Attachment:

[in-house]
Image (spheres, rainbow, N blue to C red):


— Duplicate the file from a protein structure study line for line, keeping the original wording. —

[in-house]
Image (spheres, rainbow, N blue to C red):